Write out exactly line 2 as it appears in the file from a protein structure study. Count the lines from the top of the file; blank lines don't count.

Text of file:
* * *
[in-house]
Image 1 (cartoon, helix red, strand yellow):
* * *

Image 1 (cartoon, helix red, strand yellow):